• The opportunity for parties to solve their own problems rather than having a result imposed by a court;
  • Possible tax advantages;
  • A party’s immediate financial need for money awarded in the judgment;
  • Privacy that can be achieved with a confidential settlement agreement;
  • The potential for global settlement that resolves the controversy entirely, including issues that are not part of the single case being appealed or parties that are not involved in the appeal; and
  • Peace of mind.6

For attorneys, the pilots offer an opportunity to develop or enhance appellate mediation advocacy skills and an opportunity to guide clients through a timely settlement, under the automatic-stay endorsement of the courts. For attorneys who qualify, the pilot projects also provide a novel opportunity to certify as a Virginia appellate mediator for the two-year period.

Virginia mediator certification centers on facilitative mediation training, the model of mediation endorsed by the Appellate Mediation authors. Facilitative mediation focuses on the parties’ interests and needs as opposed to the parties’ legal positions and arguments (the focus of the evaluative mediation model). It is especially helpful in disputes where personal or business relationships exist. Facilitative mediation encourages recognition and understanding of all problems the parties need resolved, not just their legal issues. Facilitative mediation sessions usually involve more face-to-face time than evaluative mediation, which often offers little to no interaction between the parties.

Because the appellate cases that mediate are not court-referred, litigants need not choose a Virginia certified mediator. By the start of the pilot projects, however, appellate-trained mediators (attorneys and retired judges trained in the facilitative process advocated in Appellate Mediation) were certified and available.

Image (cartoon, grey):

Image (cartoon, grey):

Trainings were held in November 2018 to facilitate timely appellate mediator certification. The Joint Alternative Dispute Resolution Committee of the Virginia State Bar and the Virginia Bar Association (JADRC), whose Special Committee to Study Appellate Mediation in Virginia recommended the pilot projects to the SCV, sponsored a 20-hour Basic Mediation Course for Appellate Mediators and a 2-hour Mediation Training Course for Appellate Mediators. For appellate mediator qualification details, see the Report of the Special Committee.


Sarah P. “Sally” Campbell, Esq., is the manager of the Division of Dispute Resolution Services at the Department of Judicial Services, Office of the Executive Secretary, Supreme Court of Virginia. She can be contacted at

  1. Brendon Ishikawa and Dana Curtis, Appellate Mediation: A Guidebook for Attorneys and Mediators (Chicago: American Bar Association, 2016).
  2. Id., p. xxiv.
  3. Id., p. 23.
  4. Id.
  5. Id., pp. xxvi–xxvii.
  6. Id., p. xxviii.